“Cloverfield” is presented (a la “Blair Witch Project”) entirely as a series of home videos that were supposedly found “in the area formerly known as Central Park.” I thought watching two hours of shaky handheld “amateur” footage would drive me nuts, but I found it to be an interesting and terrifying technique. The only implausible part was imagining a video camera battery that would last that long and wondering how anyone would have the wherewithal to keep shooting during some of the more horrifying moments of the film. Again, I don’t want to spoil the story for any of you suckers who want to put yourselves through that agony, but I will say that I think it would have been even more powerful had they refrained from showing the actual “thing” that was terrorizing New York as much as they did. It’s always scarier not to know what you’re dealing with. But I simultaneously liked and was frustrated by the fact that they never explained how this “thing” got there in the first place or what happened afterwards. (I’m already hearing talk of a sequel, God help us.)
The filmmakers are being criticized in some circles for exploiting September 11th imagery, but how can you show buildings collapsing in New York City without being reminded of that event? Still, some of the scenes were lifted straight out of the videos taken on that day such as the paper from office buildings raining down on the population and people rushing into convenience stores to escape the swiftly moving debris cloud caused by the falling buildings. Would we even be able to conceive of such images if we hadn’t seen them for ourselves on 9/11? Is it wrong to play on those fears in a piece of fiction like this? But in other ways the screenwriters seemed to be going out of their way to avoid certain allusions. Before the source of the catastrophic destruction of New York City is known, not a single character is heard even speculating that it may be the result of another act of terrorism. Wouldn’t that be the first thing to cross the mind of any New Yorker?
And about that iconic image of the headless Statue of Liberty, a symbol so potent that it definitely evokes the prospect of a deliberate act against this country, my biggest complaint is a visual one. The missing head eventually crashes into the neighborhood where our protagonists reside and it’s immediately clear to anyone who has ever stood in that crown (as I did several times before September 11th) that the scale is way off, the head is much too small. Why would the special effects designers be that careless? (I just saw some articles claiming that it’s the correct size but I find that hard to believe.)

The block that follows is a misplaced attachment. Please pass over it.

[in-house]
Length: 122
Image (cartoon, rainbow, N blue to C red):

Again, I felt great relief walking back out onto Hollywood Boulevard and realizing that there was no imminent threat to life as we know it. But I was so shaken by the film that any sudden sound or shift of light in my peripheral vision during the car ride home made me jump out of my skin. We can repeat “it’s only a movie, it’s only a movie” but do our bodies know the difference? Do we experience the same effects on our cells that such terror might have caused if it had all been real?
I’m still left wondering what the psychological draw is. I can’t say I really enjoyed either of these films although I admired both of them technically. And it’s not like I only prefer happy-go-lucky musicals either, some of my all-time favorite films are impossibly grim depictions of the ugliest parts of human nature. I guess I just need more payoff than these two films provided. For my money, a much more fulfilling terror-fest on the screen right now is the Spanish film “The Orphanage,” an exquisite look at childhood fears, the extremes of parental love, and creepy supernatural phenomena (that also scared the bejeesus out of us). And if you’re looking for real-life terror, I highly recommend the documentary “Nanking” that tells the horrific story of what happened to the population of the Chinese capital in 1937 when the city was occupied by Japanese forces. That is a story that really must be told and it is one that, unlike many of the fictional depictions of terror, contains moments that are truly life-inspiring and heroic.